Anti-competition clause 'too restrictive to be enforced'
Great care is needed when drawing up restrictive covenants; if they are not tight enough they may not be effective, but if they are too restrictive the courts may not enforce them.
A recent case gives a good insight into how the courts may view certain anti-competition clauses.
It involved an estate agency and one of its former employees. The firm’s terms and conditions contained a clause which stated that for 12 months after leaving the firm, employees could not solicit the agency’s customers, could not set up a rival business within 5 miles of their former office, and could not induce former colleagues to join them.
The anti-competition clause was put to the test when one of the agency’s employees left and set up a rival firm only 1.7 miles from the agency branch where he used to work. The agency took court action to enforce the clause but only met with partial success.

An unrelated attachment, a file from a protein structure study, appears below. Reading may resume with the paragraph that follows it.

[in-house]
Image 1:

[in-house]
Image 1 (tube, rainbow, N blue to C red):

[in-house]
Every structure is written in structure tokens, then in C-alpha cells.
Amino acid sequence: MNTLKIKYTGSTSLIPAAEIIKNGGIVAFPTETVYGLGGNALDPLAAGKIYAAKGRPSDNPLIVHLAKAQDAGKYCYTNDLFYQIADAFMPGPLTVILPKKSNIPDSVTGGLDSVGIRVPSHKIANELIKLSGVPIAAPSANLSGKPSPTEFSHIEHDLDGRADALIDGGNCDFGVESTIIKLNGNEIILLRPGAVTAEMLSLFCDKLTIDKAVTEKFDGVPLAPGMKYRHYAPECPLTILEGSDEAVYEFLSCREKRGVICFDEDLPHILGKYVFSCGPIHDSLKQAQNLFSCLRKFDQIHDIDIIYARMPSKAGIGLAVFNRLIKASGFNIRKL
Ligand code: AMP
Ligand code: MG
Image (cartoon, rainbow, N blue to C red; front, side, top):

The court held that the former employee had solicited the agency’s clients and so imposed an injunction preventing him from doing so again.
However, the court found that he was not in breach of the clause preventing him from inducing former colleagues to join him. The evidence was that former colleagues had approached him rather than the other way round.
The court also declined to uphold the clause about not setting up a rival firm within five miles. It held that most of the work carried out by the employee while he was with the agency involved non-recurring business. This was not capable of creating a customer connection worthy of protection.
The clause was too wide in its scope and amounted to an excessive restraint of trade. It was therefore void and unenforceable. The agency was sufficiently protected by the anti-solicitation terms.
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